Figure 2: Australian energy trade projections by fuel, 2008-09 to 2034-35. [Source: Energy White Paper]
Not only does the government want Australia’s enormous known fossil fuel reserves to be burned, it also plans to go exploring for new ones. It has requested a Productivity Commission inquiry to “determine whether there is evidence of unnecessary regulatory burden” on energy resource exploration (p. 79). It supports opening up whole new industries in unconventional gas and unconventional oil, which are even more carbon-intensive than conventional fossil fuels. It even briefly mentions protecting fossil fuel infrastructure from climate change impacts.
The Energy White Paper speaks of “a need for industry to engage with local communities and other stakeholders to earn a ‘social licence to operate’” (pp. xvi-xvii). It supports existing weak regulations as ways to address voters’ concerns about the development of fossil fuel industries without actually hurting the industries – though it seeks to weaken those regulations. It also mentions working through the Council of Australian Governments (COAG) on “reducing regulatory burdens”, “rationalising carbon reduction and energy efficiency schemes”, “streamlining environmental regulations”, and promoting “coexistence” of coal mining and gas fracking with agriculture.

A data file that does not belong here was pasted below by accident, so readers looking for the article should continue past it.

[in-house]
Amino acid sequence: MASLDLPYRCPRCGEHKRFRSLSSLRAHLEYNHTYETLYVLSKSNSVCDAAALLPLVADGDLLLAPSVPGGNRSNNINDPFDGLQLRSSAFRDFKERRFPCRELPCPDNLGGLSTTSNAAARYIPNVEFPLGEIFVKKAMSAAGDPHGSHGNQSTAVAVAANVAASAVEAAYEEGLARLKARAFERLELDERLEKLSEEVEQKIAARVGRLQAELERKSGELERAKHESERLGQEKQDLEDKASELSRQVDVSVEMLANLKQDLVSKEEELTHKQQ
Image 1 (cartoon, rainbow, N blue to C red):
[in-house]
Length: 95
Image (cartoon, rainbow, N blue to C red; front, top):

Similarly, Ferguson said in his launch speech: “we simply cannot afford to miss opportunities through a lack of understanding or a failure to retain a social licence to operate” and called on the “energy industry” to “step up its engagement with the community, because without their support your business will face increasing challenges.” Despite claiming to be technology-neutral, something tells me he wasn’t talking to the solar industry. Ferguson also said implementing the White Paper will require “overcoming populism” – perhaps referring to anti-fossil-fuel groups like Quit Coal? He can’t have been referring to renewable energy because the overwhelming majority of Australians support it.
If you require further evidence of where the government’s loyalties lie, consider that the Energy White Paper was praised by mining industry groups including the Australian Coal Association.